Australia’s new Prime Minster Malcolm Turnbull vowed on Monday to be a more emotionally intelligent leader.
Speaking to journalist Leigh Sales on ABC 7.30 Report, he asserted “emotional intelligence is probably the most important asset… for anyone in my line of work.”
By that he meant the ability to walk in the shoes of the people he represents, listen to their story and have the imagination to understand how they feel.
For leaders at the highest level, as well as those on the way up, emotional intelligence is fundamental to effectiveness and can be a cornerstone for their future success. Understanding and relating to people with emotional awareness demonstrates a level of empathy for people’s interests and wellbeing that translates into better results.
Empathy is still lacking in those who needs it most. With the rise of the digital global economy and the complexity leaders now face, this attribute is increasingly critical.
When University of Southern California’s Annenberg School for Communication and Journalism recently conducted a deep dive with C-Suite and senior communications executives in Fortune 500 companies, a study reported this week in Harvard Business Review, they found empathy was the leadership capability most universally endorsed. Not boldness, perseverance or toughness: empathy.
My work teaching business leaders how to be more intelligent with emotions allows them to show more empathy and care for people. Scott Nell, a Senior Manager of OD and Talent at Schneider Electric, attests this “brings higher levels of employee engagement, which translates to happy customers and greater business results at the other end”.
For Scott personally, emotional intelligence training helped him build on natural attributes of openness, empathy and receptiveness to become more resilient. “I was never a hard-nosed boss but I now have improved tolerance levels, am more resilient and the frustrations that once overwhelmed me have subsided. I have become more mindful of people and what they are experiencing at an emotional level. I’m more aware of non-verbal cues and office dynamics.”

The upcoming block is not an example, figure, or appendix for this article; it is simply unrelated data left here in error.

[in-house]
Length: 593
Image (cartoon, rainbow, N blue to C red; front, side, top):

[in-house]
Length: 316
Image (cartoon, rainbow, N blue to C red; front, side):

Now, emotional intelligence is very much a part of his life – at work and at home.
I hope to see more leaders articulating the value of emotional intelligence and the positive impact they expect to have on the people, organisations and governments they lead.
So what does emotional intelligence look like in practice?
Emotional Intelligence is the intelligent use of emotions. Smart use of emotions can improve our capacity to work well with others, engage with our jobs, manage stress, handle conflict and make fast and effective decisions.
It enables people to instil confidence and belonging in others, engage and influence people across boundaries, and respond with sensitivity and care even when challenged.
People with high EI are described as “aware, authentic, empathic, expansive, resilient, empowering and centred” rather than “disconnected, guarded, insensitive, limited, temperamental, indifferent and reactive”.
With insight into themselves and others, they recognise the emotions that drive thinking and behaviour, and use that understanding to generate positive outcomes and mood. Attuned to emotions that can disrupt engagement and productivity, they are more able to convert fears and concerns into opportunity and frame challenges constructively.
While some people naturally tune into what others feel and put them at ease, the good news is that EI can be taught and developed.
You can learn more about emotional intelligence by downloading my white paper.
It examines the science, practice and business impact of emotional intelligence in the workplace, including how and why emotions influence thinking, behaviour, performance, decision-making and results and a snapshot of bottom-line results achieved across industries.
You may also be interested in learning more about the Leading with Emotional Intelligence programmes we deliver in global organisations and government departments or the advanced emotional intelligence training I offer to coaches, consultants, business leaders and human capital managers.
I explored some of the core positive psychology practices and theories you can use in coaching, leadership, organisational practice and policy. We’ll be sharing more in our upcoming white paper on positive psychology. In the mean time you can explore more positive psychology tools and techniques in our free eBook below.